TELECOM Digest OnLine - Sorted: Re: Hookflash and Ground Start Analog CO Trunks From PABX

Re: Hookflash and Ground Start Analog CO Trunks From PABX

Ken Abrams (k_abrams@[REMOVETHIS])
Thu, 03 Mar 2005 19:21:15 GMT

John Bartley <> wrote

> It's my recollection that the use of hookflash signalling, opening the
> tip-ring connection on the CO line, even for ground-start lines, is
> decades old , yet the local Toshiba dealer (which shall remain
> nameless) has a repair clerk who's asserting that is was *not* a
> standard in 1994 when the sytem was delivered.

I think your recollection is a little "foggy". ;-)

> I want to build a case for hookflash on ground start lines being a
> normal practice, something any line card sold for ground start use
> should be able to do when sold, even back in '94.

Just because you WANT it to be true doesn't necessarily mean that it IS.

A flash was (and still is, I believe) never intended to be passed from one
switch to another. It is a means for the subscriber (phone) to signal the
nearest switch in the chain.

It appears that your equipment can serve either as a switch (PBX) or
as (dumb) terminal equipment (CENTREX). When a CO termination is
ground start, that makes it a trunk between two switches and by design
will not pass a flash. When it is loop start, it is a line and will
pass the flash.

The difference between a PBX "trunk" and a Centrex "line" is not just
one of terminology. There are technical design differences between
the two. This was true when there was only one supplier for the
network and a lot of these standards carried well beyond the date of
deregulation. The fact that they offered you a solution by changing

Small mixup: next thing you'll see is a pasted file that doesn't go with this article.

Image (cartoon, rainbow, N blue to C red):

cards probably means that this "standard" has been corrupted.

One final thought: At the CO end, a ground start PBX trunk originally
was not capable of recognizing a momentary open as a flash. Thus, any
momentary open exceeding 20 ms (or so) would effect a disconnect.
That might still be true.

Has the LEC really offered to provide you ground start Centrex lines?
At one time those were mutually exclusive.

[TELECOM Digest Editor's Note: Actually, on my PBXtra, which goes
under the brand name 'Total Com' and is manufactured by ACNC at the
phone number 630-241-2800, (but distributed by Mike Sandman through
his online catalog [and he is a good friend of the
Digest and well trusted on the net]) you _can_ pass along a hookflash
to the next switch down the line, i.e. the central office.

It is a three step process: You flash the hook, get back dial tone
from the PBXtra, then dial *6 (or 26 if on a rotary dial phone) then
when dial tone returns, flash the hook again; that time the PBXtra
ignores the flash, the central office sees it instead. It is not a
feature I use very often on my system, but I suppose I would use it
if I got a 'call waiting' signal on my line, or wanted to make a
three-way call. So I guess my answer to the original correspondent
would be 'it can be done through software with some types of systems.'

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